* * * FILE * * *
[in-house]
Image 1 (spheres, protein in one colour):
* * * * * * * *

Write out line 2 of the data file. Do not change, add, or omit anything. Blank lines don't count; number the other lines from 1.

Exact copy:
Image 1 (spheres, protein in one colour):